Later in life, Coleridge explored the source of imagination. The primary metaphor of Coleridge’s that we worked with in our discussion of the imagination was “following the sacred serpent”. Used to describe his sense of the genesis of poetry, the image of the serpent is that of contraction and expansion.
Contraction is found in the finite. It is known in the intimate: the image, the story that is particular. In poetry, in prose, in preaching, it is that particular that draws us in closer. It is made up of the details of life, the jarring pains, the hopeful moments, the unlikely joys. Often in preaching it is offered by witness: on Ash Wednesday we heard the story of Tripp Hudgins’ conversion in the balcony of Holy Comforter Episcopal Church in Richmond, Virginia. He brought all of us there to that holy night, and in so doing, connected us together in the re-membering of that experience.
Once connected, we can engage in expansion. Because in every finite piece there are seeds of the infinite whole. In expansion, we begin to imagine what this seed might grow into in the future. If the contraction allows us to connect, the expansion allows us to wonder. We wonder what this way of living might change: in us, those around us, the world in which we live. In this process, the bounds of “what has always been” are loosened, the possibilities of “what might be” are unfurled.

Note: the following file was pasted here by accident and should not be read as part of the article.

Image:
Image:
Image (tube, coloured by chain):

This engagement of contraction and of expansion continues throughout a poem, essay, or sermon. Once we have connected, grounded ourselves in common experience, we can then imagine just what might be. And once we have imagined that possibility, we attempt to make that known in a new way in the particular.